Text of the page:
Stories from a Blue Planet: Bob Kihslinger-June 2021
Everyone Loves the Carbon Tax
In February of 2017 two venerable old Republicans were ushered into the new President’s office to have a sit down about climate change and the best way to stop it. George Shultz and James Baker were carrying with them the blueprint for what Fortune magazine called the “most ambitious climate plan in history” – the Baker-Shultz Carbon Tax Plan. One of the Republicans' few ventures into the climate change war.
The concept of a tax on carbon production 'promised' to be the most effective action that could be taken to stop the use of fossil fuels. How did it work? Simple. Charge oil companies for every btu of carbon energy they produce and use the money to support clean energy, climate mitigation and restoration or give it back to the consumers to help cover increased energy costs. The more businesses and consumers pay for a product, the less they will use it. The tax would increase over time thus accelerating the process.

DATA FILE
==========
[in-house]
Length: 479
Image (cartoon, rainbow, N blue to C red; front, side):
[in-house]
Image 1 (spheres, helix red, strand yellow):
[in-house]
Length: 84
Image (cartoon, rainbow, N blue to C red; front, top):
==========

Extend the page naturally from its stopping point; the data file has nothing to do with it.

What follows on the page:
However, there was concern that it might impede the economy and have a negative effect on lower income families? The work-a-round was the carbon dividend, long proposed by the CCL (Citizens Climate Lobby). Instead of a tax that went to government coffers there would be a dividend that would go directly to taxpayers thus offsetting the increased cost of fuels to the end user. A dividend also avoided the use of the dreaded “tax” word. No one seemed concerned that people might get used to the dividend and start rooting for the oil companies.
The Baker-Shultz Plan was loved by practically everyone. All the stakeholders were on board; businesses, politicians, and organizations. “This is the broadest coalition in U.S. history to come together in support of a concrete federal climate solution, and it continues to grow.” Fortune Magazine. Even climate justice advocates were impressed with a dividend approach that would pay each American back for any increased costs caused by the tax. Lower income families might even get more than they had to spend. Believe it or not, companies like BP and Exxon could also support it if it meant that they would not be targeted by new regulations and lawsuits. Bernie Sanders and Exxon, together at last.
All the ducks were in row and the carbon tax (or dividend) was about to have its day. Getting the President on board was the last step.